I stood next to her and watched as she gathered her supplies. I was ready to take notes only to find that she measured salt and water with experience instead of cups and spoons. Her response to any question was “until it looks right.” I set aside the paper and pen to knead the cornmeal and roll it into palm-sized balls. A hole is made on top, and cheese is placed inside. The cornmeal is then flattened between hands before placing it on the stove. My grandmother stationed herself at the stove to fry the arepas, bathing each side in melted butter. When they were done, I brought out a platter piled with arepas to the dining room where all my family had gathered around the table to eat before opening gifts.
My arepas still aren’t as good, but I keep trying because I can’t think of anything more satisfying than a mouthful of that warm, salty/buttery cornmeal and cheese washed down with sweet, hot chocolate. It tastes like home.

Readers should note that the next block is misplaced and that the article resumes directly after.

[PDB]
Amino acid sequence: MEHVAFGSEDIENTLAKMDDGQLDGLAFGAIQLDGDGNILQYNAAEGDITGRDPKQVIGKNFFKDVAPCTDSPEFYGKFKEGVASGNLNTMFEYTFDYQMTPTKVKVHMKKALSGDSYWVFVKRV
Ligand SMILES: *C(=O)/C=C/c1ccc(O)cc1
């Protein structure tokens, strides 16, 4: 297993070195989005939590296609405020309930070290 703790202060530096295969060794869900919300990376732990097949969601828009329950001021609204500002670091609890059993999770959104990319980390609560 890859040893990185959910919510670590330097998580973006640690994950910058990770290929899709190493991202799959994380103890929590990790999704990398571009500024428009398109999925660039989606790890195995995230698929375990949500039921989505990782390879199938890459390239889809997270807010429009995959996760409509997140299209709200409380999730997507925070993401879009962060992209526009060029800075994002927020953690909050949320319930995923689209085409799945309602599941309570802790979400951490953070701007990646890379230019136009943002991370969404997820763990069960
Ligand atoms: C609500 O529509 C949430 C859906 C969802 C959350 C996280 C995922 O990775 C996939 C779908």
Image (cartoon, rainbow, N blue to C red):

* Real hot chocolate – made by melting raw chocolate (in the ethnic foods section of your grocery store) in a mixture of water and milk
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What inspires me?
My writing is inspired by the people I see and meet everyday and their stories. The ones they tell me, and the ones I make up for them.
My nursing career is inspired by the needs I see in my community, the needs I know I can meet, and the passion that knowledge gives me.
My personal life is inspired by my parents. Every area of my life revolves around what they have taught me and what they have lived in front of me. Whether it’s things I want to repeat or avoid, so many of the decisions I make reflect their impact on my life.
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Life is the journey that we take to (hopefully) realize our dreams. No matter what path I end up taking along the way, my dreams are the same. I want a family life that is stable and glitters. I want to surround myself with people that I love. I want to support myself doing something I love. I want a home that is a refuge. I want to be unafraid of the unknown. I want to never stop learning something new. I want to push my limits. I want to explore my world. I want to be content with the life I’ve lived.